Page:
In this third description, a formal language is described as a set of nondeterministic finite automata, one for each of the tracks of a diagram or for each of the nonterminals of a grammar. However, unlike the usual form of NFAs that can only recognize regular languages, the ones we use have alphabets that include both terminals and nonterminals. You can use these to generate strings in the formal language in the same way that you would with syntax diagrams: generate a string in the language by following a path from start to accept state of the initial NFA but then recursively do the same thing to expand each nonterminal in the string.

An NFA is just a special kind of graph, and if we apply standard graph drawing techniques to this graph we get something that resembles a syntax diagram. But not quite: what look like vertices in the syntax diagram (its train stations) are actually not vertices, but edges, in the NFA. And the parts of the syntax diagram where the parts of the track come together, that look like confluent junctions of multiple edges in a confluent graph drawing, are actually not junctions, but vertices, in the NFA. So with a little care in the layout and a little transformation of how we draw each kind of object, we can turn our graph into a diagram. For instance this NFA (optimized from a grammar for LISP 1.5 and drawn with some edges overlapping each other so that it looks confluent but isn't really):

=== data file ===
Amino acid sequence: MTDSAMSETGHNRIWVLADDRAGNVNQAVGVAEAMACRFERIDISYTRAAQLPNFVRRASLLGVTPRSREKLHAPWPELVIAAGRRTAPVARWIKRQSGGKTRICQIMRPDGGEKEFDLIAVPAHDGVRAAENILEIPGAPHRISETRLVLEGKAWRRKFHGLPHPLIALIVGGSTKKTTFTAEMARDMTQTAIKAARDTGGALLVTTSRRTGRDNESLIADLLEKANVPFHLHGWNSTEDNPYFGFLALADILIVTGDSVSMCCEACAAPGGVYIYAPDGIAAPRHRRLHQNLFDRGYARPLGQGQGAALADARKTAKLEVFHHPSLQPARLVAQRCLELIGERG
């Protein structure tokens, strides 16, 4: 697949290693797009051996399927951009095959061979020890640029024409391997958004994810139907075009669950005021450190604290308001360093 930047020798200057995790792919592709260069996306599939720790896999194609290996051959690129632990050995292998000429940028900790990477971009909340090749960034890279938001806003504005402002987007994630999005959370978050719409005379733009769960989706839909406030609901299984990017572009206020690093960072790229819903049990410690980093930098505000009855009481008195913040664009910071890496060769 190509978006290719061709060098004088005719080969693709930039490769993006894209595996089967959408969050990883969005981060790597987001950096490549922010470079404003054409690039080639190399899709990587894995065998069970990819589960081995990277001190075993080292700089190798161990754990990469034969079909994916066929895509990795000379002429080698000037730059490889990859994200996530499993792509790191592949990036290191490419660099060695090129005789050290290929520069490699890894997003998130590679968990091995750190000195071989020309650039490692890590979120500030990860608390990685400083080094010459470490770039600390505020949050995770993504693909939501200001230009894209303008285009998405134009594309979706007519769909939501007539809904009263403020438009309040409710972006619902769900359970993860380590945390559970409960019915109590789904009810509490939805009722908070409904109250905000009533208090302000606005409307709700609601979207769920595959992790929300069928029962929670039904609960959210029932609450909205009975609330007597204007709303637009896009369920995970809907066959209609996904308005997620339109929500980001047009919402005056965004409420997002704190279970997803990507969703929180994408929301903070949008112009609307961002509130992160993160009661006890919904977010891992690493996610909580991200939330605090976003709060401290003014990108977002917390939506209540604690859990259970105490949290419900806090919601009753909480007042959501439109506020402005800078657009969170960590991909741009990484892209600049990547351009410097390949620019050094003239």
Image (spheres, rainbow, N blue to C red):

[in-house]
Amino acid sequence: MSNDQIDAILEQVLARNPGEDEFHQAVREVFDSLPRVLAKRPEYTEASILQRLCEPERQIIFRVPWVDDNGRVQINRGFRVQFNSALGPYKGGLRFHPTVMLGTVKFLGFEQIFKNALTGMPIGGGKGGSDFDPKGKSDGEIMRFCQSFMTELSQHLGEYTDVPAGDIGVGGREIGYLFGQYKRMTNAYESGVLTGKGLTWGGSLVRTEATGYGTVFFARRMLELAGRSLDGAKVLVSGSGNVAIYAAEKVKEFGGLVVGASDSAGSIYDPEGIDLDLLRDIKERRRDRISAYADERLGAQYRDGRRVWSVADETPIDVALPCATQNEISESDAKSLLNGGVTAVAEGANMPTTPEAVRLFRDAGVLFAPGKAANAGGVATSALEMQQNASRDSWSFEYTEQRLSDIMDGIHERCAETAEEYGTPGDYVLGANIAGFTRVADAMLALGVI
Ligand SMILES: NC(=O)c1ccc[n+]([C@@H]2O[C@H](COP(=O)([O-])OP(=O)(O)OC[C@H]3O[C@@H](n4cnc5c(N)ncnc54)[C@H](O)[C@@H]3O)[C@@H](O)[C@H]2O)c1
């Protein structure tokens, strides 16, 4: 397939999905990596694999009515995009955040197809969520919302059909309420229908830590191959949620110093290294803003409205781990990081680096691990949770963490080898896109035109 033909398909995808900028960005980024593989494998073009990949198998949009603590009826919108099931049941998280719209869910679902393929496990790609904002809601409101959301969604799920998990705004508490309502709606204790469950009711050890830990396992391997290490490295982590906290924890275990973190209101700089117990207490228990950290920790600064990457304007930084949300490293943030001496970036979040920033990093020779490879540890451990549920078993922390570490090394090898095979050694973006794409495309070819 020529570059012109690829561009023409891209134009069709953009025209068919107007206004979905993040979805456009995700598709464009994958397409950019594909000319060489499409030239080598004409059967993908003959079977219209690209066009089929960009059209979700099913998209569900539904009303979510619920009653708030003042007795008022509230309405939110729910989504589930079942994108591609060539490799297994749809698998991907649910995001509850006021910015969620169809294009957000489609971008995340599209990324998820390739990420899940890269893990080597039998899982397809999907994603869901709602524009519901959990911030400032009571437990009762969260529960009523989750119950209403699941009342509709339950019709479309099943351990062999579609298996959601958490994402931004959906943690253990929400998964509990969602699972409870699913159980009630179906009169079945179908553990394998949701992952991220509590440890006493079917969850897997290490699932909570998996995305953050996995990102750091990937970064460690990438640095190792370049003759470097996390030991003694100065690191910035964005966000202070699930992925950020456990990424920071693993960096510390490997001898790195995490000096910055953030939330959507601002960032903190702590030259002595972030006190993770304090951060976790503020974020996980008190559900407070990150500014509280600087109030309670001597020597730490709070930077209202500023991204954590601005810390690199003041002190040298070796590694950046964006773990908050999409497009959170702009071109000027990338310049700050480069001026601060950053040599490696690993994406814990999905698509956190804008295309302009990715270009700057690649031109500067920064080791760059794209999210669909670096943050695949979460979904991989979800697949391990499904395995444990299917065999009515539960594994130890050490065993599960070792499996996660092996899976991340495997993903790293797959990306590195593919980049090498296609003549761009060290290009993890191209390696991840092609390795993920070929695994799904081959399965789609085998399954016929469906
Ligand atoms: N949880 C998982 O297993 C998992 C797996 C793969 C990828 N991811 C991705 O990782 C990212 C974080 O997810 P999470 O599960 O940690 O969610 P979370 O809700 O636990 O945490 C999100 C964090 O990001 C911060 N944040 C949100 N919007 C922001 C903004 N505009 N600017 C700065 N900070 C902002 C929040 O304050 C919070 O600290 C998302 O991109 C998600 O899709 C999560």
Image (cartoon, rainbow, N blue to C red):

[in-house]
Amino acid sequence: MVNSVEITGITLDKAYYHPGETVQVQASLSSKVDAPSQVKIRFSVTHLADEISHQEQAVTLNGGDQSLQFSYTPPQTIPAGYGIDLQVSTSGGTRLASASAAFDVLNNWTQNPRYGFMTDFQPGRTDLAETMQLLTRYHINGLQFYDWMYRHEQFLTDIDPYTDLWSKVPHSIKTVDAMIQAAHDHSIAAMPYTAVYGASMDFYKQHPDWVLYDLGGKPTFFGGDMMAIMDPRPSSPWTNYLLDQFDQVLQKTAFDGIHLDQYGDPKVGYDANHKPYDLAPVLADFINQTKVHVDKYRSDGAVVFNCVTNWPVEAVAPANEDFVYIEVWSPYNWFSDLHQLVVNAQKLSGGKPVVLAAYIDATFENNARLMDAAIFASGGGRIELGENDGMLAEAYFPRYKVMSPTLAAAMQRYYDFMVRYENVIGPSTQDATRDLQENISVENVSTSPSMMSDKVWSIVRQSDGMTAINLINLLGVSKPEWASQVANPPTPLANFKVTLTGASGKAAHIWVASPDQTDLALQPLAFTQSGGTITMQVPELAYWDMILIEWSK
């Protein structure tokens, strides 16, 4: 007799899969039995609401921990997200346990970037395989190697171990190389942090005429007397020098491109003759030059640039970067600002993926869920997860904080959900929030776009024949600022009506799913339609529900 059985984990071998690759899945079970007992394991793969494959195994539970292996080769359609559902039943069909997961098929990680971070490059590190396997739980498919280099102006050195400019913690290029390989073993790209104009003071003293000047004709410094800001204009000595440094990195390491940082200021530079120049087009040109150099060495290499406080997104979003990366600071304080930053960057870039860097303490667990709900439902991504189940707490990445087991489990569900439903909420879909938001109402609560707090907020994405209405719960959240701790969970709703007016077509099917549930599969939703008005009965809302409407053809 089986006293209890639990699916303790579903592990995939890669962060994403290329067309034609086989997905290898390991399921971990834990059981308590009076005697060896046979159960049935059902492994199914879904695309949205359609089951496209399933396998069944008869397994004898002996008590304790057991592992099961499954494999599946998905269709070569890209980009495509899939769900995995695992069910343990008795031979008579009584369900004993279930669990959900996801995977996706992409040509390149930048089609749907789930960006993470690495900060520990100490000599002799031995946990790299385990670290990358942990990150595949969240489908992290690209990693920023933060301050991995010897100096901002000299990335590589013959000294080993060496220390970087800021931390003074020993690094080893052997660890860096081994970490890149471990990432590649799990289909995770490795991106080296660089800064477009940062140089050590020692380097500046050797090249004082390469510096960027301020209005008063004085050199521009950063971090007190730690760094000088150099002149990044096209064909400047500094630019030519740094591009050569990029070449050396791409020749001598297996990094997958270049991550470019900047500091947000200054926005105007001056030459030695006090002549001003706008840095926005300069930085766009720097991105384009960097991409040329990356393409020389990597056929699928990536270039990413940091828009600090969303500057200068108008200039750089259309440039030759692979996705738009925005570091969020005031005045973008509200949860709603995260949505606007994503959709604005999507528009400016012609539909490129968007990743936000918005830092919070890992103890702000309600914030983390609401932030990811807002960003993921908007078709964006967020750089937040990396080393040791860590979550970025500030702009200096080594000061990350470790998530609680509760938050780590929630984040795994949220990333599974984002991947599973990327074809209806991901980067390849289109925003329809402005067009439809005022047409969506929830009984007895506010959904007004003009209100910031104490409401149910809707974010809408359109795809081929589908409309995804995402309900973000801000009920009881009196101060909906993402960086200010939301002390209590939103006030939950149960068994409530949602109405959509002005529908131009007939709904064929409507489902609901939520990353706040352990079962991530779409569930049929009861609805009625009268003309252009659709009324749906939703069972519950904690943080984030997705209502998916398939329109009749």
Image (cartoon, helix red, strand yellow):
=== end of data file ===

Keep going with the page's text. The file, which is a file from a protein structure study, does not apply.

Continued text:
Nondeterministic finite automaton derived from LISP 1.5 grammar

turns into this syntax diagram:

Syntax diagram for LISP 1.5 grammar

With this representation in hand, we can go about optimizing the diagram to improve the visualization. There are a lot of things we could have tried, but in this paper the main ones are local optimizations to individual diagrams (such as pulling together tracks that go to the same place), replacement of tail-recursive calls of a diagram within itself to create loops, and replacement of nonterminals in one diagram by copies of the corresponding diagram, to reduce the number of different components in the visualization at the expense of making individual components more complicated.

The paper also contains some experimental testing to show that these optimizations are effective, but I don't think that's really the point. The real point of the paper is to introduce the idea of algorithmically improving the appearance of syntax diagrams, rather than translating grammars directly to diagrams, and to provide both a software pipeline and an intermediate data structure that make that improvement possible.

Unfortunately, although (unlike many of my papers) we implemented what we wrote about, I don't think our actual code is in good shape for public release. And my co-author who wrote all the code (David Brown, an undergraduate at the time) has graduated and gone on to better things. But now that we've done this research and understand better what we should have been doing in the first place, I think a second system built along the same principles would work much more smoothly and could be a very helpful visualization utility.


Cool! I hope someone reads the preprint/published version and tries to implement it themselves. (When I'm not so busy, I'll try to see if it's something within my abilities!) It would be a really cool utility.